My New Literary-Trivia Book — and the Results of That ‘Best Novels of All Time’ Poll!

Did you know that the phrase “keeping up with the Joneses” originally referred to the wealthy family in which novelist Edith Wharton (nee Jones) grew up? That Jane Austen wrote a differently titled version of Pride and Prejudice more than 15 years before it was published? That Shakespeare and Don Quixote author Miguel de Cervantes died on almost the same day in 1616? That O. Henry coined the term “banana republic”? That Dorothy Parker bequeathed her money to the Reverend Dr. Martin Luther King, Jr.? That the 1950s Cat in the Hat character created by Dr. Seuss looks like a feline version of the Uncle Sam character drawn by that same writer/artist for his 1940s editorial cartoons?

I didn’t know most of the above before I started work on my just-published Fascinating Facts About Famous Fiction Authors and the Greatest Novels of All Time: The Book Lover’s Guide to Literary Trivia. That was back in 2011 — which means I researched, wrote, and rewrote the book for nearly as long as its title.  🙂

Before continuing to discuss the book and its back story, I wanted to mention that the results of that “Best Novels of All Time” poll is at the end of this column. I also posted the results this past Friday in the comments section under my March 26 piece announcing the poll, but thought I’d post them again today.

Anyway, the Fascinating Facts book is not a collection of my weekly columns from this 2014-launched blog. Rather, it’s new material about authors that I gleaned from reading biographies, reading scholarly introductions to novels, looking at online author sites, etc. — plus I included my recollections of seeing a few authors (such as Isaac Asimov and John Updike) in person. All this in short, easy-to-read chapters (more than 100 of them), with humor here and there.

In the book, every featured author — from Austen and Alcott to Zola and Zora (Neale Hurston) — is deceased, though I mentioned many authors who haven’t passed in passing. (BTW, today is Emile Zola’s birthday — he turns 177.) I should add that a number of novelists in the book were recommended to me by you in your wonderful comments here and on Facebook.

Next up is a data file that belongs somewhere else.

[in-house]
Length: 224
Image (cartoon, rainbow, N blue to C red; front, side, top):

I came up with the idea for Fascinating Facts in mid-2011. At the time, I was blogging about literature for The Huffington Post, and one of the site’s editors asked me to put together a book-related “slideshow” feature (for no pay, of course — meaning I never accepted another of those very-work-intensive assignments). I decided I would focus on interesting author facts, and the feature was so popular that it occurred to me there might be a book in it.

Why did it take nearly six years? Well, I first contacted literary agents with the idea and some sample chapters. A few expressed a bit of interest, but none were willing to represent me and try to sell the book to a major publisher. So I just kept continuing to write it when I could, but life got in the way and made it a slower process than it should have been. My memoir Comic (and Column) Confessional came out in 2012, and I spent a lot of time trying to market that. My French professor wife Laurel Cummins started a three-year term as chair of her department, which meant my (enjoyable!) stay-at-home parenting of Maria took even more hours. I was also busy with this blog, my weekly humor column, my work on the National Society of Newspaper Columnists board, a move to an apartment from a house I had lived in for 21 years, etc.

And of course it took a while to research the lives of more than 100 authors, and to make sure I read at least one (and often several) of the novels they wrote — if I hadn’t read them before I started to work on Fascinating Facts.